What to Expect When Invited to an Arab Home

-An invitation to an Arab home should be treated with utmost honor and should be accepted. The standard greeting extended to a guest upon his arrival at a home is: “Ahlan wa sahlan,” which means “welcome.” Unexpected arrivals at an Arab’s home are generally not well-received, especially if women are at the house. Upon entering the majlis (the reception room for visitors), a gentleman should remove his shoes. (He should therefore be wearing clean, presentable socks). If the gentleman is accompanied by a lady, he should expect that he and his date will be seated in different rooms during the duration of the visit. Refreshment and/or something to eat will typically be offered upon arrival. It should be accepted.

-A gentleman should not sit or position himself such that his back is towards anyone. If such a placement is necessary, he should beg the indulgence of the person to whom his back is facing.

-Whenever a person temporarily takes leave of company to obtain food or drink for himself, he should offer to bring some back for those in his company.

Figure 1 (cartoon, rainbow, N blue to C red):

-Meals are served in and from dishes place onto the floor. Guests sit cross-legged (yoga-style).

-The sexes eat separately.

-There is little conversation during meals, the rationale being that the food should be enjoyed.

-Food is eaten with the fingers. Only the right hand should be used for eating. (The left hand is considered unclean).

-Most Arabs are Muslim; consequently, the presumption should be that alcohol and pork are not consumed.

-During the month of Ramadan, fasting takes place between dawn and dusk. (“Iftar” is the meal that breaks the fast). During the fasting period, there is no eating, drinking, smoking, or chewing of gum. And it is impolite for non-Muslims to eat, drink, smoke, or chew in public during Ramadan.

 

Advertisements

Leave a Reply

Fill in your details below or click an icon to log in:

WordPress.com Logo

You are commenting using your WordPress.com account. Log Out / Change )

Twitter picture

You are commenting using your Twitter account. Log Out / Change )

Facebook photo

You are commenting using your Facebook account. Log Out / Change )

Google+ photo

You are commenting using your Google+ account. Log Out / Change )

Connecting to %s